Jefferson Morley | April 2, 2019
Bernie Sanders, Radical Reformer
On the Campaign Trail:
The gruff socialist from Vermont is the quintessential Washington outsider a radical reformer. Along with his foreign policy adviser Matt Duss, he says the 2020 election is an opportunity to “reconceptualize” the global order.
In his 2016 bid for the Democratic presidential nomination, Sanders avoided issues of war and peace. Now he embraces them.
Last October, Sanders laid out a vision for U.S. foreign policy that he says he will bring to the White House. In a speech at the Johns Hopkins School of Advanced International Studies, Sanders depicted “global struggle” between the “movement for democracy, equalitarianism, economic, social, racial and environmental justice” and a “growing worldwide movement towards authoritarianism, oligarchy and kleptocracy.”
This perspective shaped his views on the hottest issues of the day.
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We need to counter oligarchic authoritarianism with a strong global progressive movement that speaks to the needs of working people, that recognizes that many of the problems we are faced with are the product of a failed status quo. We need a movement that unites people all over the world who don’t just seek to return to a romanticized past, a past that did not work for so many, but who strive for something better.
On the Need for Change:
While the authoritarian axis is committed to tearing down a post-World War II global order that they see as limiting their access to power and wealth, it is not enough for us to simply defend that order as it exists. We must look honestly at how that order has failed to deliver on many of its promises, and how authoritarians have adeptly exploited those failures in order to build support for their agenda. We must take the opportunity to reconceptualize a global order based on human solidarity.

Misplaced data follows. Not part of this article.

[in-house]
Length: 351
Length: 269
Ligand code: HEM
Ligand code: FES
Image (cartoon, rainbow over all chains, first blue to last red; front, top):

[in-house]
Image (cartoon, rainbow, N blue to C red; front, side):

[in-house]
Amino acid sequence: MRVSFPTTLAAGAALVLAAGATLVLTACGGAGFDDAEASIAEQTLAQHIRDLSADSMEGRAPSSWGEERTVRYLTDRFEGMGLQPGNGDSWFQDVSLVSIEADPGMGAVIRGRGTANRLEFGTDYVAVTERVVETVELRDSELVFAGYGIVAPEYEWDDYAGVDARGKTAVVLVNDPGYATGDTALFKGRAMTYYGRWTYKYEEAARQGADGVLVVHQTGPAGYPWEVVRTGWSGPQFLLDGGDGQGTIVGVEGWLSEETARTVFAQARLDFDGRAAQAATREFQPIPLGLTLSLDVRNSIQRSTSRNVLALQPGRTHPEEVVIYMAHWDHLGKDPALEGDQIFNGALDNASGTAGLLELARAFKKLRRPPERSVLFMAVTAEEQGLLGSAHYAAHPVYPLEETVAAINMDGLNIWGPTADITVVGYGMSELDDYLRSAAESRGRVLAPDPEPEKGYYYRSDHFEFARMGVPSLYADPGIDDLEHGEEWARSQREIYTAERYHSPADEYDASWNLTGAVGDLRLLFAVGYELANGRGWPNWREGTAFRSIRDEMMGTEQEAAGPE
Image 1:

On Defense Spending:
Sanders would cut it to fund anti-poverty campaign.
Columbia University’s Jeffrey Sachs, one of the world’s leading experts on economic development and the fight against poverty, has estimated that the cost to end world poverty is $175 billion per year for 20 years, about ten percent of what the world spends on weapons.
Donald Trump thinks we should spend more on these weapons. I think we should spend less.
Migrants and refugees should be treated with compassion and respect when they reach Europe or the United States. Yes, we need better international cooperation to address the flow of migrants across borders, but the solution is not to build walls and amplify the cruelty toward those fleeing impossible conditions as a deterrence strategy.
We face an unprecedented situation of an American president who for whatever reason refuses to acknowledge this attack on American democracy. Why is that? I am not sure what the answer is. Either he really doesn’t understand what has happened, or he is under Russian influence because of compromising information they may have on him, or because he is ultimately more sympathetic to Russia’s strongman form of government than he is to American democracy.
Sanders does not support the Maduro government but rejects the Trump policy of regime.
The Vermont Senator also signed onto the Senate Joint Resolution 11: Prohibiting Unauthorized Military Action in Venezuela Resolution of 2019 as a co-sponsor on March 25th.
In the Eyes of ‘the Blob’ and the Secret Intelligence Agencies:
The election of Bernie Sanders in 2020 would represent a fundamental challenge to policymaking elites, intelligence chiefs, and military leaders, on par with Trump. With his unyielding criticism of the system of American-led capitalism and military intervention which they have defended for decades, President Sanders would be viewed with suspicion, if not hostility in many power centers in Washington.